Macsyma (Project MAC’s SYmbolic MAnipulator) is a computer algebra system that was originally developed from 1968 to 1982 at MIT as part of Project MAC and later marketed commercially. It was the first comprehensive symbolic mathematics system and one of the earliest knowledge based systems; many of its ideas were later adopted by Mathematica, Maple, and other systems.
The project was initiated in July, 1968 by Carl Engelman , William A. Martin (front end, expression display, polynomial arithmetic) and Joel Moses (simplifier, indefinite integration: heuristic/Risch). Bill Martin was in charge of the project until 1971, and Moses ran it for the next decade. Engelman and his staff left in 1969 to return to The MITRE Corporation. Some code came from earlier work, notably Knut Korsvold's simplifier. Later major contributors to the core mathematics engine were: Yannis Avgoustis (special functions), David Barton (algsys), Richard Bogen (special functions), Bronstein (Grobner, TriangSys, indefinite integration), Bill Dubuque (limits, power series, number theory, special functions, functional equations, pattern matching, sign queries), Richard Fateman (rational functions, pattern matching, arbitrary precision floating-point), Michael Genesereth (comparison, knowledge database), Jeff Golden (simplifier, language, system), R. W. Gosper (definite summation, special functions, simplification, number theory), Charles Karney (plotting), John Kulp, Ed Lafferty (ODE solution, special functions), Stavros Macrakis (real/imaginary parts, compiler, system), Richard Pavelle (indicial tensor calculus, general relativity package, ordinary and partial differential equations), Barry Trager (algebraic integration, factoring, Grobner), Paul Wang (polynomial factorization, limits, definite integration), David Y. Y. Yun, Gail Zacharias (Grobner), and Rich Zippel (power series, polynomial factorization, number theory, combinatorics).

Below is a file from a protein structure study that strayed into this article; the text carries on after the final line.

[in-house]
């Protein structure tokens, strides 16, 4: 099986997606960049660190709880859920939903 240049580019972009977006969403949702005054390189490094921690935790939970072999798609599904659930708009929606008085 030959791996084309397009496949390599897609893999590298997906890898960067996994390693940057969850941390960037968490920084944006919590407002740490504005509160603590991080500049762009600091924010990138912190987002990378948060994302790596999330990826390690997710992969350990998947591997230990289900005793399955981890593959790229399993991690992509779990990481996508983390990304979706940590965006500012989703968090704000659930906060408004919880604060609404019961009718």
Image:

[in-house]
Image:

Macsyma was written in Maclisp, and was, in some cases, a key motivator for improving that dialect of Lisp in the areas of numerical computing, efficient compilation and language design. Maclisp itself ran primarily on PDP-6 and PDP-10 computers, but also on the Multics OS and on the Lisp Machine architectures. Macsyma was one of the largest, if not the largest, Lisp programs of the time.
In 1979, in response to a request from Richard Fateman, then a professor at UC Berkeley, MIT provided a temporary license for Macsyma code. This was almost immediately brought up on the new VAX-11/780 computer using a dialect of Maclisp, Franz Lisp, written by Fateman's group. MIT reluctantly licensed versions of VAX Macsyma from Berkeley to about 50 universities, starting with Caltech, under condition that the licenses would be revoked when negotiations for a proper license were complete. Indeed this happened when the negotiation with Symbolics (see below) was complete. Symbolics was reluctant to license the VAX product, since VAX constituted competitive hardware to their own Lisp Machines and therefore suppressed the VAX software for five years. UC Berkeley also brought up copies of Macsyma on Motorola 68000-based systems, most notably Sun workstations. Symbolics suppressed those as well. At the same time Fateman worked to change the (now revoked) temporary license for Macsyma into something more permanent.